From Wiktionary, the free dictionary
Jump to navigation Jump to search



Etymology 1[edit]

From weak +‎ -ly; compare Old English wāclīċ (weak; ignoble; mean), and Old Norse veikligr (weakly; sick); both ultimately from Proto-Germanic *waikalīkaz (weakly; weak).


weakly (comparative weaklier, superlative weakliest)

  1. Frail, sickly or of a delicate constitution; weak.
    • 1885, Sir Richard Burton, The Book of the Thousand Nights and a Night, Night 18:
      I lay in weakly case and confined to my bed for four months before I was able to rise and health returned to me.
    • 1889, WB Yeats, The Ballad of Moll Magee:
      I'd always been but weakly, / And my baby was just born; / A neighbour minded her by day, / I minded her till morn.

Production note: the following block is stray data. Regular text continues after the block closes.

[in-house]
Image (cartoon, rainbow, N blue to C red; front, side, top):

• 1922, Virginia Woolf, chapter 1, in Jacob's Room:
      "Oh, a huge crab," Jacob murmured—and begins his journey on weakly legs on the sandy bottom.
Derived terms[edit]

Etymology 2[edit]

From Middle English weykly, equivalent to weak +‎ -ly. Compare Old High German weihlīcho (weakly), Middle English wocliche, wokli, wacliche (both from Proto-Germanic *waikalīkō).


weakly (comparative more weakly, superlative most weakly)

  1. With little strength or force.
Derived terms[edit]